Mr. Artis is seen as “venturesome” by his colleagues. He is invested in several educational associations and often returns from conferences with new innovations to try. He is on the “cutting edge” of change and actively seeks new ideas. He is always ready to try something new in his classroom and he likes to share his new ideas with others.
Mrs. Freeman is open to new ideas and is quick to adopt new innovations, but only after reasoned consideration. She has been an educator for many years and she is well respected by her colleagues. She is seen as a solid, sensible decision-maker and values accurate, timely information about any new ideas or innovations.
Mrs. Kingsley is viewed by her colleagues as quite deliberate in her decision making. When approached with something new she prefers to take her time and give due consideration to the new innovation and what it will mean to her. Unless given convincing information, she is reluctant to change.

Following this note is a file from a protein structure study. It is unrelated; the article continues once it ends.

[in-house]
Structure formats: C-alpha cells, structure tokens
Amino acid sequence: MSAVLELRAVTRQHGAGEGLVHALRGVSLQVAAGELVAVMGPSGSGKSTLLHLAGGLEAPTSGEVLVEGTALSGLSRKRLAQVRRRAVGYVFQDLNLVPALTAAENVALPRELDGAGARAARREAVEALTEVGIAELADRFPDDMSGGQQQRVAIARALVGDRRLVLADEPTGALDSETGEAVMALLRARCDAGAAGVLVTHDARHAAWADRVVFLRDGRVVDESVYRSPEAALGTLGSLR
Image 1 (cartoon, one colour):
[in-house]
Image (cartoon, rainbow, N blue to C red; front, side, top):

Mr. Blake is slow to adopt new ideas or innovations. In fact, unless some pressure is applied, change may not come at all. He approaches new ideas with doubts and caution. He has been teaching for quite a while and sees no reason to change what seems to be working well.
Mrs. Sealy is often seen as very slow, and Often resistant, to change. She is very traditional and viewed as extremely conservative in her approach to new ideas or innovations. She tends to be an isolate in her building, yet may be very vocal in her reluctance to embrace change. She can be a powerful resistor when new ideas or change is introduced into her building.
DIFFUSION of INNOVATION THEORY & the Importance of Communication Adapted from Everett M. Rogers
2:00 Appointment • Share an upcoming opportunity when you might use one of these strategies to facilitate the change process in your building or district.